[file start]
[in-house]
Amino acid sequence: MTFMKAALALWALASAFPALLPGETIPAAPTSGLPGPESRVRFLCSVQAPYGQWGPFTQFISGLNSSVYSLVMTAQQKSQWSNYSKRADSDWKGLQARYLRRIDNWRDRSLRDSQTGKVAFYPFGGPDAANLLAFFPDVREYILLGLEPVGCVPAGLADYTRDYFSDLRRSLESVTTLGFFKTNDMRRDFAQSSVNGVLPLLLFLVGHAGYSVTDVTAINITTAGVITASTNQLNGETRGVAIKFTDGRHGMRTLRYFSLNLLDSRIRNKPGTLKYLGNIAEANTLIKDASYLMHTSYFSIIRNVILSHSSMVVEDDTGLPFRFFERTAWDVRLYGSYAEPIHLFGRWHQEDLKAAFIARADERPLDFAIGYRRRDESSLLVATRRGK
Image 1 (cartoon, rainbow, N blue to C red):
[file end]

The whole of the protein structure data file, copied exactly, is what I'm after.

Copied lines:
[in-house]
Amino acid sequence: MTFMKAALALWALASAFPALLPGETIPAAPTSGLPGPESRVRFLCSVQAPYGQWGPFTQFISGLNSSVYSLVMTAQQKSQWSNYSKRADSDWKGLQARYLRRIDNWRDRSLRDSQTGKVAFYPFGGPDAANLLAFFPDVREYILLGLEPVGCVPAGLADYTRDYFSDLRRSLESVTTLGFFKTNDMRRDFAQSSVNGVLPLLLFLVGHAGYSVTDVTAINITTAGVITASTNQLNGETRGVAIKFTDGRHGMRTLRYFSLNLLDSRIRNKPGTLKYLGNIAEANTLIKDASYLMHTSYFSIIRNVILSHSSMVVEDDTGLPFRFFERTAWDVRLYGSYAEPIHLFGRWHQEDLKAAFIARADERPLDFAIGYRRRDESSLLVATRRGK
Image 1 (cartoon, rainbow, N blue to C red):